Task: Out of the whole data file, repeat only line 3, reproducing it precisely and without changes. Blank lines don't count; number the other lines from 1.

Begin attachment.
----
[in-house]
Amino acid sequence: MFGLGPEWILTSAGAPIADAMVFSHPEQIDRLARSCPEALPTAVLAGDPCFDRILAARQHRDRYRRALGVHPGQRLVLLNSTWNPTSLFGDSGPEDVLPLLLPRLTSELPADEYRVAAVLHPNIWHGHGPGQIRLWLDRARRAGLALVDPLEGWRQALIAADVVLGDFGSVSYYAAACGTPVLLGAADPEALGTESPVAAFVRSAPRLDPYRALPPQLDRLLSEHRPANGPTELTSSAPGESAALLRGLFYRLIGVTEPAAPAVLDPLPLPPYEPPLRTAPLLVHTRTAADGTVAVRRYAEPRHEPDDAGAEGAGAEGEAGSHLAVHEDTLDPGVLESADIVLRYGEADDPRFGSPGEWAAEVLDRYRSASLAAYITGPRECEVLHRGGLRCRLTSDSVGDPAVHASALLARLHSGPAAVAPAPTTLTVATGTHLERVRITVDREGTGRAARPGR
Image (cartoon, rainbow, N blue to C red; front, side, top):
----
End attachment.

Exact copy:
Image (cartoon, rainbow, N blue to C red; front, side, top):